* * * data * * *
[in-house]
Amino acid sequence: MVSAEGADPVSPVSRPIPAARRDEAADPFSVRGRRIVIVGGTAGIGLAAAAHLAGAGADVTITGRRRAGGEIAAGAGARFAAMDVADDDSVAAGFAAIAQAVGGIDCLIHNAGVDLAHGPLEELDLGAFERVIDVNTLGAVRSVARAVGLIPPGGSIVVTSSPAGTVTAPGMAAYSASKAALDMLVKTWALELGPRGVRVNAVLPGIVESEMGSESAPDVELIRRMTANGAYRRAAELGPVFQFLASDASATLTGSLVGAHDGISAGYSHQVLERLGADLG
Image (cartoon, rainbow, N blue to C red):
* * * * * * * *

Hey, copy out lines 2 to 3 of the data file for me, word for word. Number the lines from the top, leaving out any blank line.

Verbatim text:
Amino acid sequence: MVSAEGADPVSPVSRPIPAARRDEAADPFSVRGRRIVIVGGTAGIGLAAAAHLAGAGADVTITGRRRAGGEIAAGAGARFAAMDVADDDSVAAGFAAIAQAVGGIDCLIHNAGVDLAHGPLEELDLGAFERVIDVNTLGAVRSVARAVGLIPPGGSIVVTSSPAGTVTAPGMAAYSASKAALDMLVKTWALELGPRGVRVNAVLPGIVESEMGSESAPDVELIRRMTANGAYRRAAELGPVFQFLASDASATLTGSLVGAHDGISAGYSHQVLERLGADLG
Image (cartoon, rainbow, N blue to C red):